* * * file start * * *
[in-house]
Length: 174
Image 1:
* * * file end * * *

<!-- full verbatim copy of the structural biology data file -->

[in-house]
Length: 174
Image 1: